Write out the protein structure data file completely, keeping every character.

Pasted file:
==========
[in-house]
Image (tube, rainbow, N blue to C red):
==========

[in-house]
Image (tube, rainbow, N blue to C red):